al_set_target_bitmap slow (in release mode only)

Hi. I am using Allegro (I think, not sure how to check) from the Nuget packages. I'm not set up with a dev build of Allegro yet, so I can't be too specific about the cause of this problem yet. I figured I'd start a thread and see if anyone had any ideas first.

I am trying to track down some performance issues. I'm running in windowed mode (not full-screen windowed) under Windows 10. I have an "overlay" bitmap that I regenerate every frame and then render on top of everything else.

My performance issue was tracked down to some code that reads:

ALLEGRO_BITMAP *former_bitmap = al_get_target_bitmap();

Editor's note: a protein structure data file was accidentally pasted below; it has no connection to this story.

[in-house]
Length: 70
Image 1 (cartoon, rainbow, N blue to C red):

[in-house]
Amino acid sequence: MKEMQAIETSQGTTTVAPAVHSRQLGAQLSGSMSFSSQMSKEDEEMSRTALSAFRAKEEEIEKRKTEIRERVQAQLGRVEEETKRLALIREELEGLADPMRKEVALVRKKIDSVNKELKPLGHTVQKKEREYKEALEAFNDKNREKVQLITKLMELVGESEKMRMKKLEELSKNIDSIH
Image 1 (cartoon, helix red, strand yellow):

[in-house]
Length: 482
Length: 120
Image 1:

al_set_target_bitmap( mSurface ); //****** THIS IS CRAZY SLOW ******
al_clear_to_color( al_map_rgba( 0, 0, 0, 0 ) );
al_set_target_bitmap( former_bitmap );

The only line that is running slowly is that first al_set_target_bitmap call. Some initial Googling suggested that I should create mSurface with ALLEGRO_NO_PRESERVE_TEXTURE (, but it doesn't make any noticeable difference to the performance. I did call al_get_bitmap_flags after creating it to verify that ALLEGRO_NO_PRESERVE_TEXTURE was set--it was.

I stuck a high-resolution timer in there, and it is showing that this single line of code takes about 0.004 seconds in debug mode (MSVC), and about 0.0146 seconds in release mode. You are reading that correctly: debug mode is much faster than release mode ???. I get the same behavior on both 32- and 64-bit builds, so it's not that either.

Can anyone suggest what I should try next?